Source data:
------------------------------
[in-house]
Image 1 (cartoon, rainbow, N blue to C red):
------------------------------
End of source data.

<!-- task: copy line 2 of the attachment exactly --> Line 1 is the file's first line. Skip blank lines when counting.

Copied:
Image 1 (cartoon, rainbow, N blue to C red):